Switzerland to represent US interests in Venezuela

The State Department on Friday said it reached an agreement with Switzerland to represent U.S. interests in Venezuela as a power struggle roils the South American country.

“The United States extends our deepest appreciation to the Swiss for offering to undertake this important function and assist U.S. citizens on our behalf,” the State Department said in a statement, while noting that the Swiss cannot provide services until the arrangement is “operative.”

The State Department said that for the time being, U.S. citizens in Venezuela who require emergency assistance should go to the nearest U.S. Embassy or consulate in another country.

The U.S. issued a travel warning earlier this year urging its citizens not to travel to Venezuela and for any citizens in the country to leave immediately. The State Department announced last month that it was withdrawing the last of its embassy personnel in the country.

Venezuela is mired in a leadership conflict between President Nicolás Maduro and Juan Guaidó, whom the U.S. and much of the international community has recognized as the country’s interim president.

Street demonstrations have turned violent across the country, and security forces aligned with Maduro recently detained Guaidó’s chief of staff. Tensions increased recently when Russia sent troops to Venezuela to support Maduro. Venezuelan Deputy Foreign Minister Ivan Gil on Thursday said even more could be on the way.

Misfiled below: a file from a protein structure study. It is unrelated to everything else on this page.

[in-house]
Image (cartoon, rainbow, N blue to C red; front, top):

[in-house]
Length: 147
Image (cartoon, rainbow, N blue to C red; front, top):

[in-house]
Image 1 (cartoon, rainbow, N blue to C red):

The U.S. responded by warning against Russian troop deployments to Venezuela.

“We will consider such provocative actions as a direct threat to international peace and security in the region. We will continue to defend and protect the interests of the United States, and those of our partners in the Western Hemisphere,” national security adviser John Bolton said.

President TrumpDonald John TrumpImpeachment? Not so fast without missing element of criminal intent Feds say marijuana ties could prevent immigrants from getting US citizenship Trump approval drops to 2019 low after Mueller report's release: poll MORE said last month that the Kremlin “has to get out” of Venezuela.

He has also maintained that a military option regarding the conflict is still on the table.

The White House has slapped sanctions on Maduro’s allies and said Wednesday that it is preparing a recovery package to bolster the Venezuelan economy should Maduro leave office.